While various cyber-attacks against US government and business targets are numerous and well-documented, America's own offensive capabilities in this area have remained mostly out of view. However, in his recent testimony before Congress, NSA chief Lt. General Keith Alexander reversed that history a bit, and confirmed that the US has, and is, engaged in offensive cyber-warfare. Alexander also explicated how cyber-combat factors into the general doctrine of legality of war.
After months of deliberation and 150 meetings, the Obama Administration finally released its new guidelines for nuclear weapons policy. In a sharp break from previous administrations, Obama's Nuclear Posture Review released today dictates the U.S. halt development of any new nuclear weapons and cease to consider nuclear retaliation against non-nuclear nations, even in response to a biological or chemical attack.
In a move that could significantly alter the future of genetic medicine and the industry around it, a US District Court judge invalidated seven patents for human genes linked to breast and ovarian cancer, on the grounds that genes are discovered, not created. The ruling opens up challenges against the patents held by numerous companies on thousands of human genes, and jeopardizes an industry business model based on exclusive rights to gene treatment.
Today the Federal Communications Commission unveiled its plan to expand broadband Internet access to 100 million more Americans within the next five years. The plan calls both for the expansion of wired networks in under-serviced areas, and for the dedication of more wireless spectrum for Internet use as opposed to television. Largely deficit-neutral, the plan has bipartisan support in the current Congress, in part because contentious issues of net neutrality and privacy were not tackled by the FCC's plan. As you remember, PopSci called for an improvement to the nation's broadband infrastructure last year
Ever since prehistoric man first set fires to drive game towards hunters and cliffs, humans have altered their environment for their own gain. No more so than in the years since the Industrial Revolution, when carbon emissions began to drastically alter Earth's climate and atmosphere. And now that we know definitively that humans can alter Earth's climate, some scientists have begun investigating ways to deliberately change the weather to offset the negative impact of a century of inadvertent human generated climate change.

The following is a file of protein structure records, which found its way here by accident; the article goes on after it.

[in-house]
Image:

How long does it take the Earth to revolve around the sun? Did the earliest humans and dinosaurs live at the same time? What percentage of the Earth’s surface is covered with water? Think you know the answers? Well, if you’re an American adult you may be frighteningly alone.
Call it the "green" team or even the "dream" team, but what environmentalists can now say with affirmation is that change really is here. President-elect Barack Obama's picks for his administration's green team are among the best and brightest scientists and advocates of environmental change.
The backlash to the Science Debate movement has begun
By Michael MoyerPosted 02.08.2008 at 11:27 am 1 Comment
The idea that a presidential debate focused on science will advance the cause of science "is more magical thinking than scientific," according to a new essay by David Goldston in the journal Nature. Momentum around such a debate has been growing since December, when a grassroots, nonpartisan group called Science Debate 2008 started a petition that called for a "public debate in which the U.S. presidential candidates share their views on the issues of The Environment, Medicine and Health, and Science and Technology Policy." The petition now has many thousand signatories [full disclosure: they include both myself and the editor-in-chief of Popular Science, a.k.a. my boss].
Tight on funds, NASA cuts key science programs to foot the bill for manned missions to space
By Stefano ColedanPosted 05.01.2006 at 2:00 am 0 Comments
In July, the space shuttle Discovery is slated to deliver two tons of hardware and supplies to the partially built International Space Station. This mission is paid for. As for the 16 more needed to finish assembly, as mandated by President George W. Bush two years ago in his Vision for Space Exploration policy, NASA is short by as much as $5 billion.